I think I can see a pattern developing in several of the technical threads.
I appears that Sender-ID's (Microsoft's) primary, urgent concern is with
I would imagine that major banks etc. are, quite properly, 'encouraging'
Microsoft to find a reliable way to show users that messages really are from the
Microsoft has, it appears, chosen to do this by testing the PRA for proof of
authenticity (Sender-ID) and will then later find some way to display on the MTA
some symbol of authenticity alongside the PRA (e.g. the HTTPS-like closed
padlock which Margaret Olsen suggested).
If I am right, then Microsoft is only interested in absolute proof of
It does not really need to distinguish the range of other test values, such as
'probably authentic', 'probably forged', 'proven to be forged', and it thinks it
does not need to consider message entities other than the PRA (except in special
Now others, entering this WG with some knowledge of SPF, are perhaps approaching
As the 'last call' process requires, we are looking only at the Sender-ID drafts
on the table - we have no visibility of any 'greater plan'.
Now when these people analyse the functionality provided by Sender-ID _in
isolation_, they deduce that, like SPF, Sender-ID is intended to be a forgery
detection system, i.e. that it is supposed to be able to say categorically 'this
message is forged'.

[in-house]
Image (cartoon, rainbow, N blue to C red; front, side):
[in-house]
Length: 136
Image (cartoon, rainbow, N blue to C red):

This functionality is urgently required by MTA operators for the management of
threats other than Phishing.
What I think I observe is several people, myself included, making constructive
suggestions to improve the ability of Sender-ID to detect and handle forgeries,
and to do so in an SMTP-friendly way. We then get frustrated when Sender-ID's
supporters don't seem to be interested, or actively oppose what are believed to
be viable, constructive suggestions made in good faith.
Suppose my deduction is right - suppose the central objective of Sender-ID is
only to recognise authentic messages.
Suppose the greater scheme of which Sender-ID is a part has no need to
distinguish the different degrees of 'not proven to be authentic'.
Suppose, therefore, that the ability to _prove_ that a message was forged is not
a core requirement of Sender-ID.
If I am right, would it help to make harmonious technical progress in this WG if
the -core draft were amended to reflect this significantly-different emphasis in
the objectives of Sender-ID?
If so, it's probably more appropriate for Microsoft to propose the change, but I
will (as the process requires) if necessary.
If I am wrong in my deduction, then we should be able to close this thread quite
quickly; I'm not about to argue with Microsoft about what their objectives
actually are or should be.
I have classed this as a TECH-OMISSION because its a case of inserting/
modifying a requirement so that it matches the actual functionality being
specified; it closes a requirement-functionality gap which is what I interpret
the spirit of TECH-OMISSION to be.